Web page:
“I originally said I’d do up to 35 days, I’ve got some ideas about how to keep everyone active. I thought I might only have to do it for a few weeks before we went into lockdown. I have also thought about doing some stuff around golf because I play a bit and coach. The drills seem to have taken off, this week alone we’ve had 30,000 views. I have had quite a few high up coaches message me asking for the videos and that they will pass them on.”
Whilst Ben is enjoying the experience of online coaching, it does not replicate the value of one on one and in person coaching. The lockdown came at a particularly bad time for Ben’s Dartford side as they were on one of their best runs of form.
“In terms of the academy it was a difficult one as we were top of the league and doing really well. It was our first time in the National Youth Alliance League and to be honest, we have got a really strong team. At the end of the day football does not come first, we have to accept what’s going on. You feel a bit for the boys because they were top of the league and they worked for two years to get in that position.”
The mental health of footballers is in the spotlight during the coronavirus pandemic. Staying locked up in the house affects everyone but for footballers it represents a radical change to their normal way of life. The regular routines of training, travelling for away days and the camaraderie that goes with it has been snatched away. Ben has never had so much free time at home, but plenty of positives have come with the negatives for him.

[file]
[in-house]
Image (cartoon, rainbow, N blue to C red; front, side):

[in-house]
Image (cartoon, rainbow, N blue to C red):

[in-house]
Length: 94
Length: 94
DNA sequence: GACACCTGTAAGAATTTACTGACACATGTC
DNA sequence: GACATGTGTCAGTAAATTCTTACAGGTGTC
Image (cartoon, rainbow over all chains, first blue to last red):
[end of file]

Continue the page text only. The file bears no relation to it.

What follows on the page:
“I have never had this sort of time off in my life, I have played football for 12 years and usually you just get a minimum of a few weeks in June to yourself. This is six weeks off without football, you can’t watch football and I understand that people don’t know what to do with themselves. I’m quite lucky that eight weeks ago myself and my wife had a baby. It’s given me a good opportunity to be at home because I never would have had the opportunity to spend so much time at home, because my whole day from 9am to 9pm is football.”